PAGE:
3. Approach local magazines, newspapers and books stores. People love a local interest story and you’d be surprised how many want to help either by writing an article or having you in for a book signing.
4. Hold a book launch. You can do this in many ways – I opted to host an evening in a local restaurant and invited family and friends. You can do it cheaply or throw money at it; invite local press; local authors or keep it personal – but my aim (as well as celebratory) was to spread the word about my book, sell it to friends and ask them to help by giving me an honest review.
5. Be present on social media. I chose Twitter and Facebook as my main routes to communicate but they are all powerful tools to interact with readers, other authors and bloggers. I have also seen authors successfully promote themselves via Instagram but I chose not to use this for fear of spending all my time on social media.
6. Follow other authors who promote themselves well and see what they do. There are always new ideas and ways of doing things or reaching people so learn from them. I’ve taken a lot from the authors who make sure they reply to every single person who messages them or who are gracious enough to ‘like’ even the most awful of reviews and it’s easy to pick up hints about reaching readers from people who have been in the business for a while!
This is the first step of my publishing journey but I’m glad I invested the time to spread the word about my book prior to and around launch, and if anyone wants to share their experiences I’d love to hear from you.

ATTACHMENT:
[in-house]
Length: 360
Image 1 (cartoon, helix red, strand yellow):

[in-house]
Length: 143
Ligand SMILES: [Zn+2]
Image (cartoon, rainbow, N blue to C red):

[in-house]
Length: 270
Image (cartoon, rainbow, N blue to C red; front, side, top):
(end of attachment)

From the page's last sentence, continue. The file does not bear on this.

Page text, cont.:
About the Book:
I donʼt know where you are…
I donʼt know what Iʼve done…
Teenager Abigail Ryder is devastated when she gets home from school to find her family gone.
Nothing makes sense. Things are missing from the house and her stepsistersʼ room is completely empty. But the police think sheʼs trouble, and when grandmother Eleanor tells her to forget them all and move on, thereʼs no choice other than face the future – alone.
Fourteen years on, Abi and Adam are a happy couple on the verge of parenthood. But when the past comes back to haunt Abi, the only way forward is to go back and uncover the truth – and reveal the dreadful secrets a mother has been hiding all these years.
About the Author:
Heidi Perks was born in 1973. She lives by the sea in Bournemouth with her husband and two children.
Heidi graduated from Bournemouth University in 1997 with a BA (Hons) in Retail Management, and then enjoyed a career in Marketing before leaving in 2012 to focus on both bringing up her family and writing.
Heidi successfully applied for a place on the inaugural Curtis Brown Creative online Novel Writing Course and after that dedicated her time to completing her first novel, Beneath The Surface.
She has a huge interest in what makes people tick and loves to write about family relationships, especially where some of the characters are slightly dysfunctional.
Heidi is now writing her second novel.
You can buy Beneath the Surface here.
You can find Heidi’s website here.